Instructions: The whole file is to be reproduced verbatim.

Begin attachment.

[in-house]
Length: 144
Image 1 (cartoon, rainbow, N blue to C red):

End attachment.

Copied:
[in-house]
Length: 144
Image 1 (cartoon, rainbow, N blue to C red):